British man, 32, nearly dies after parasite crawls up his penis and lays eggs while he swims in lake on African holiday
- James Michael, 32, from Kensington, went on dream holiday to Lake Malawi
- While swimming a parasitic worm entered his body and later laid eggs
- Had severe reaction as the worms caused his immune system to attack his spine
- Doctors successfully treated the infection but it left him ‘debilitated’ and unable to sleep for months
A British man almost died after a parasite crawled into his manhood and laid eggs in his vital organs during a ‘dream holiday’ to Africa.
James Michael, from Kensington, London, said he was left ‘debilitated’ and unable to sleep from the pain of the bugs attacking his body.
The 32-year-old was on a canoeing trip ‘of a lifetime’ with friends to South East Africa, travelling from Zambia to Zimbabwe.
James Michael, from Kensington, London, said he was left ‘debilitated’ and unable to sleep from the pain of a parasitic flatworm attacking his body
The 32-year-old was on a canoeing trip ‘of a lifetime’ with friends to South East Africa, making a five-day stopover in Malawi to swim on Lake Malawi where they picked up the infection
They made a five-day stopover in Malawi, where they swam on Lake Malawi, before flying back to the UK.
But unbeknownst to James, a parasitic flatworms called schistosomes had crawled inside his penis and laid eggs in his vital organs.
‘When I look back at photos from my time in Africa, it’s weird to think that’s where the parasite crawled up my penis,’ James told the Sun.
Over a year after his trip in August 2017, James noticed a loss of feeling in his legs, and struggled to complete tasks like walking up stairs.
THE FRESHWATER PARASITE THAT LIVES FOR YEARS
Schistosomiasis, also known as bilharzia, is an infection caused by a parasitic worm that lives in fresh water in subtropical and tropical regions.
The parasite is most commonly found throughout Africa, but also lives in parts of South America, the Caribbean, the Middle East and Asia. The Travel Health Pro website has a map of where schistosomiasis is found.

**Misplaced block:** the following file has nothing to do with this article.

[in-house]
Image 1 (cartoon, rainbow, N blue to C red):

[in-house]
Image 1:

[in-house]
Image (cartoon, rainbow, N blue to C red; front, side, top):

You often don’t have any symptoms when you first become infected with schistosomiasis, but the parasite can remain in the body for many years and cause damage to organs such as the bladder, kidneys and liver.
The infection can be easily treated with a short course of medicine, so see your GP if you think you might have it.
Neurologists told him his immune system was attacking his spine, and put him on a six-month course of steroids, although the doctors still didn’t know what had actually caused this.
Doctors from the Hospital for Tropical Diseases eventually told James he had contracted schistosomiasis – also known as bilharzia – a parasitic worm that had crawled up his penis and laid eggs in his body.
James was proscribed medication called praziquantel that kills the worms.
‘That killed the infection but I was left basically debilitated. They told me there was a 30 per cent chance I’d make a full recovery – 10 years from now,’ he added.
‘It was a horrible feeling – I felt completely helpless, and the odds weren’t good. I couldn’t wish what I’ve been through on anybody.’
James first spent three months in hospital using a wheelchair, before progressing to a wheelchair as he recovered. He also had to use a catheter as he couldn’t go to toilet properly.
He also had a breakout of extreme acne on his back and arms caused by steroids, as well as diarrhoea.
He said: ‘The pain has been like nothing I’ve ever known.
‘Early in my recovery, sometime in January, I had a really terrible acne outbreak that went all down my back and down my arms.
‘I couldn’t sleep for a month because lying on my back hurt. I couldn’t really be under running water either, so I had to shower my front instead.
‘This has been horrendous. It’s felt like a never-ending mountain I’ve had to climb.’